“We will end indefinite detention, review the alternatives to the inhumane conditions of detention centres, and close Yarl’s Wood and Brook House.”

On asylum more narrowly it was more specific:

 “This government has failed its international legal obligations to refugees and to allow people to exercise their rights to seek asylum. A Labour government will uphold those rights and meet those obligations. We will work with others to resume rescue missions in the Mediterranean, co-operate with the French authorities to put an end to the horrific camps, and establish safe and legal routes for asylum seekers. Once here, refugees will have the right to work, access to public services and will be treated humanely by government at all levels.”

However, Labour lost the election and leaders pay as little regard to old manifestos as they do to conference policy. Nevertheless, we can and should do all we can to hold them to them. First and foremost, we should demand Labour MPs speak out against all the Patel’s proposed immigration “radical reform” and vote against it at every stage.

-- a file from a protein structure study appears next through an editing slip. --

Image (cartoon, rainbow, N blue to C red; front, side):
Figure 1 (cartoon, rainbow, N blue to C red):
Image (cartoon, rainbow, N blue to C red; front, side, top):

But for the future at least the action shifts to the movement of protest against them on the streets and in working class and communities of immigrant origin; and to organizing solidarity with those trying to reach British shores and protection against racist harassment.

Alongside fighting to hold Labour MPs to policy passed by members, we need to call for an end to all deportations; for the release from the camps of asylum seekers, and the provision of decent accommodation and legal advice with their claims; for the opportunity to work or enter full-time education and training.

No one is Illegal!

Open the Borders!